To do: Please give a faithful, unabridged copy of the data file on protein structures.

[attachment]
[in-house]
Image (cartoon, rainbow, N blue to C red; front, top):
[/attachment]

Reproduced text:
[in-house]
Image (cartoon, rainbow, N blue to C red; front, top):